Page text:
Taking advantage of the Semana Blanca holiday here in Spain, we took the kids for a three-day trip to Granada, a get-away that turned out to be one of the most enjoyable in quite some time.
After the scenic 2.5 hour road trip from Marbella to Granada, we dropped our stuff off at the Cortijo Balzain enclave of rural houses, on the single-track road up between La Zubia and Cumbres Verdes. This is the second time we’ve stayed in the super-cozy rural houses for rent at Balzain, and it’s truly one of my favorite place to stay. The 300 year old little houses are fully refurbished, retaining their original rustic look and feel, while providing for all of the modern necessities (electricity, heating, water, fully equipped kitchen, heated floors, TV, etc.)
On Thursday afternoon, we drove down past La Zubia, and into Granada proper for an afternoon trip to the Parque de las Ciencias. Our children (and my wife and I) just love this place. It’s a huge science-themed parked, offering interesting attractions for kids and adults alike. We saw a dinosaur exhibition, a giant pendulum, rooms full of hands-on experiments demonstrating the principles of physics, math and science, an outdoor area full of “thinking puzzles” (remove the ring from the ropes. It’s impossible. Ok, it’s not impossible.), an outdoor labyrinth, and a greenhouse room full of exotic butterflies. And that’s just a small sample of what this place offers!
Before heading to the Parque de las Ciencias, we had one of the best meals of the trip, at the Fuente del Hervidero, a really old restaurant sitting just off the dirt road above Cumbres Verdes, heading into the Sierra Nevada national park. We sat on the sunny and warm terrace, and enjoyed some of the best cooked chicken and potatoes I’ve had in a long time. And what would be a country side lunch without wrapping things up with a home-made Crema Catalana, and Cafe con Leche!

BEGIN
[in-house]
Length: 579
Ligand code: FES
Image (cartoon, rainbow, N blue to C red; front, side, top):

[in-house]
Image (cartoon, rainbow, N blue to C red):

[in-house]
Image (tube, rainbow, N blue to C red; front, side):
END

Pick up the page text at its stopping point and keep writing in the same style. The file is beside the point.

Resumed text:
Friday morning, after a pretty good breakfast in La Zubia, we headed up the 30 km drive to the Sierra Nevada ski station. We expected relatively few people, being Friday and not quite the weekend, but were we ever wrong. The place was packed. Unfortunately, and quite unbelievably, they don’t have anywhere at the lower levels for kids to play around in the snow. We ended up having to hire skis and boots for the little ones, and enroll them in a 1:00 pm to 4:00 pm ski orientation class for children.
All in all, we didn’t really enjoy the trip to the Sierra Nevada Ski Resort. There were just too many people, the place was kind of dirty, and as a family with small kids, we sorta felt unwanted.
Friday night we took a trip to the local Mercadona grocery store, and picked up some hot-dogs, buns, tiramisu, and wine, for a nice little cozy (and too easy-to-prepare) dinner at home.
Saturday turned out to be the best day of all. After a nice breakfast at the rural house, we took the car up the dirt road past Cumbres Verdes. At around the 1.5 km point or so, we parked the car, geared up, and started the hike up the trail towards the famous Trevenque mountain. The trail, which is wide and perfectly suitable for kids (at least as far as we got), circles the Trevenque, and forms a nice looping 11 km route. With the kids, we couldn’t do the whole thing, so we hiked up about 2 to 2.5 km, to a point where we could get a good look at Trevenque, had a picnic lunch, and headed back down.
During the hike, we were pleasantly surprised by a pack of wild mountain goats (or some kind of largish mountain animal) rushing down the mountain, and across the road.
On the way back home, we stopped just outside Granada, in Santa Fe, to pick up some those famous and incredibly scrumptious “Piononos”, from the source itself, the Pasteleria La Isla. (Thanks for the recommendation, Diego!)